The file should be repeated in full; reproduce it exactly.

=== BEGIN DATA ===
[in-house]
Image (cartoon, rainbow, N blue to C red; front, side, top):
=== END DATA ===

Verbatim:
[in-house]
Image (cartoon, rainbow, N blue to C red; front, side, top):